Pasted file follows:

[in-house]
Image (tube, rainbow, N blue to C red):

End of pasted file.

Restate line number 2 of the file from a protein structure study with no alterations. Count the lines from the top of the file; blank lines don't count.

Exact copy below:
Image (tube, rainbow, N blue to C red):